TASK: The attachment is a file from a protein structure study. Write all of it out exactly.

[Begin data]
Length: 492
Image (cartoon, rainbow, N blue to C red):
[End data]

Length: 492
Image (cartoon, rainbow, N blue to C red):